40 years ago, emboldened by some freshly-printed consumer beer texts (by M. Jackson, M. Weiner, J. Roberston, etc.), I’d seek out the local beer scene on travels.
I also tried the imports, a suprisingly large range if you had a good retailer source, and regional or national brands. So my beer education is of long standing and predates in fact the craft beer era.
For this reason probably, I retain a fondness for that era, as some of the beers were good and with the benefit of looking back, interesting at a minimum.
In 1973, a brewer called Duncan from the northeast set up a brewery between Tampa and Orlando called Duncan Brewing Inc. His focus was price beers, making beers both under his own name and for private labels.
“Dunk’s”, quite naturally, was the house brand but there were others. Establishing a new, independent brewery then was highly unusual. Still, it happened here and there, e.g., in Alaska in the mid-70s in the form of Prinz Brau, owned by the Dr. Oetker group in Germany. (Yes, of the pizzas you know and love).
It happened in Ontario in ’73 in Hamilton when Henninger of Frankfurt set up brewing there albeit on a brewing site founded by Andrew Peller in the 1940s.
And it happened here in Florida. Who was Mr. Duncan? His full name was Lemoyne Nathan Duncan, originally from Maryland. He lived from 1917 until 2010. You can glean details of his life in this memorial notice.
He sold out to the conglomerate Heileman in 1980 according to Jim Roberston’s The Connoisseur’s Guide to Beer (1982 edition). He may have continued working in the brewery as the notice states he retired at 69.
One wonders what he thought of the craft revival, something he did not capitalise on; it was just too early and Florida then was not the most propitious place for it.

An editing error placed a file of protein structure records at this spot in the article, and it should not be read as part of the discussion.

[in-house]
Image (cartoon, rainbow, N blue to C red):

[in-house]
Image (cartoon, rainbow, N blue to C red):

In the 80s the brewery was sold again and at least once after, to independents. Today it’s owned by the Venezuelan beverage and food group that make Polar Pilsner, a big seller not just in Venezuela but elsewhere in South America, in Central America, and into south Florida.
Florida Brewery in Auburndale today hence makes Polar Pilsner, its main brand. The brewery also makes a line of malt beverage (non-alcohol), popular in Hispanic markets.
Other brands in the brewing line include Gator Lager and Amber Lager, which seem Euro lager and craft-styled, respectively. The company also does co-pack and private label work. Maybe the original Dunk’s formulation is on a grocery shelf somewhere…
It seemed long odds arriving in Florida again in 2018 that Lemoyne Duncan’s brewery still exists, but it does. Polar Pilsener is in the older, refreshing, pre-craft style. I won’t judge it until I taste, but online reports use terms such as the Budweiser of South America. In an odd kind of way, perhaps its profile ends by being similar to the Dunk’s of the 1970s, to which Jim Robertson gave a respectful review.
Maybe I’ll even get up to Auburndale. Florida Brewery has a beer garden, I understand, and may make craft-style beers for sale onsite. Get out the GPS.
Postscript: Florida Beer Co. Ltd., which I mentioned earlier, is a different concern, based in Cape Canaveral. It too though is owned by a large group further south, in its case based in Trinidad. Hence Mackeson stout being made in Florida now.